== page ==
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Celebrity stylist and designer Jennifer McKing speaks up about online bullying

By Screen Shot

Nov 20, 2020

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Celebrity stylist and designer Jennifer McKing knows one thing or two about online bullying. After all, as London’s newest it-girl, she is one of the many people receiving hateful online comments regularly (too often, if you ask us), be that about the colour of her skin or the way she looks. For Anti-Bullying Week 2020, as part of the Not Just A Comment campaign in partnership with Ditch The Label, McKing sat down with Screen Shot and shared what raising awareness of the impact online abuse can have of someone’s mental well-being means to her.

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A post shared by Screen Shot media (@screenshothq)

As someone present and openly sharing on social media, you’re often the victim of online hate. If you could speak to people who write those messages, what would be the first thing you would tell them?

Get a life.

Since gaining many followers and the visibility that comes with them on social media, do you now react differently to those comments?

Yes I do—the ‘block’ button is my favourite thing.

What kind of advice would you give anyone who suffers from online abuse?

Do not take anything personal. Do not let keyboard warriors make you lose sleep at night. As I said before, block and delete, and stay focused on what you have going on in your real life.

How present is racism online and do you think enough is being done in order to shut it down?

Racism has never left on and offline, it has always been and still is present. I think more people who are not of colour should step up and stand up whenever they see it happening because black and brown people always shut it down but unfortunately people are still ignorant.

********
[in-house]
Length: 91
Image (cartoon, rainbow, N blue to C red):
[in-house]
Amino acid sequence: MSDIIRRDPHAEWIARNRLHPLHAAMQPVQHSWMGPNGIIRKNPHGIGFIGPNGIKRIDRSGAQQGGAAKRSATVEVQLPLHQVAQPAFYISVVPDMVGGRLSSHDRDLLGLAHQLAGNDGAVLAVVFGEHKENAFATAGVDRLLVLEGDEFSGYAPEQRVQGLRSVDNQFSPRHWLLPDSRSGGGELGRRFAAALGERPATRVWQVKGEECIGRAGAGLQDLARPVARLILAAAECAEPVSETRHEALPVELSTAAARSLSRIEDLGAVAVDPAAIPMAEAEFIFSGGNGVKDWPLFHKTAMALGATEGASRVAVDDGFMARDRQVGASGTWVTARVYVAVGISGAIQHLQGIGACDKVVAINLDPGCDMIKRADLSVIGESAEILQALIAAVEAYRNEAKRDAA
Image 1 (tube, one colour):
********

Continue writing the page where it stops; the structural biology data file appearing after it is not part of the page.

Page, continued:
Getting bullied on social media and off social media about the colour of your skin is a feeling that’s unexplainable. As I stated in the video, I cannot change my skin so getting bullied over something I was born with (which I love) is really sick and low.

How mindful of online bullying would you say you are when posting new content online?

I’ve grown thicker skin over time so I really don’t care for online trolls anymore. In life, you can’t give that much power to people that you don’t know.

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A post shared by Jennifer Mcking 🇨🇩 ♏️🦂 (@jennifermcking_)

How is your style and attitude helping you protect yourself and boost your confidence?

By ignoring the hate I’m able to focus on myself more. The power of knowing who you are and loving yourself is extremely important. When you love yourself, you are able to be the best version of yourself, which allows me to create the best content for my followers.

What are other things you do to help you feel more empowered and how could they help others feel the same?

I love talking to my friends. I have an amazing support system and some awesome friends who always uplift me. I think people get lost in the world of social media and forget about their real lives. In real life I’m surrounded by nothing but love and it truly empowers and uplifts me.

What boundaries have you set on your social media platforms in order to keep some aspects of your life ‘safe’ from online bullies?

I don’t post my relationships on social media unless it’s super super serious. I try to keep it fashion-related or work-related. I’m a bit private about my personal life but I’m not afraid to share some parts of my life.

If you could change one aspect about the internet, what would it be?

I wouldn’t change a thing. It is what it is.

Finally, what is the best thing you would recommend people to do for Anti-Bullying Week 2020?

Spread love, be kind and comment something nice on someone’s page!

You heard McKing, if you’re a hater, get a life. If you’re currently suffering from online abuse, block, delete, and focus on loving yourself. Share with anyone else who you think might be suffering from bullying and donate if you can to help support the incredible work Ditch The Label is doing. Share the hurtful comments you’ve received online using #NotJustAComment and raise awareness about the impact of online bullying.

Celebrity stylist and designer Jennifer McKing speaks up about online bullying


By Screen Shot

Nov 20, 2020